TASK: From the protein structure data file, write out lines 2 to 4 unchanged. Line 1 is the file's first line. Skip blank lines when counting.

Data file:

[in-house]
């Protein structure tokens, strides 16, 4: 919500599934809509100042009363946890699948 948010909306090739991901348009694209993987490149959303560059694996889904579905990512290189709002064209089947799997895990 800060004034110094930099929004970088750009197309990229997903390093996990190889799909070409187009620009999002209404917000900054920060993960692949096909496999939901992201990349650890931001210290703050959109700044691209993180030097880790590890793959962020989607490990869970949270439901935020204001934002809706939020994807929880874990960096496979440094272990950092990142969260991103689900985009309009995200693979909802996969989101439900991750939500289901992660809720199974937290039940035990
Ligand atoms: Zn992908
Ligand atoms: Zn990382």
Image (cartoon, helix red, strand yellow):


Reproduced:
């Protein structure tokens, strides 16, 4: 919500599934809509100042009363946890699948 948010909306090739991901348009694209993987490149959303560059694996889904579905990512290189709002064209089947799997895990 800060004034110094930099929004970088750009197309990229997903390093996990190889799909070409187009620009999002209404917000900054920060993960692949096909496999939901992201990349650890931001210290703050959109700044691209993180030097880790590890793959962020989607490990869970949270439901935020204001934002809706939020994807929880874990960096496979440094272990950092990142969260991103689900985009309009995200693979909802996969989101439900991750939500289901992660809720199974937290039940035990
Ligand atoms: Zn992908
Ligand atoms: Zn990382």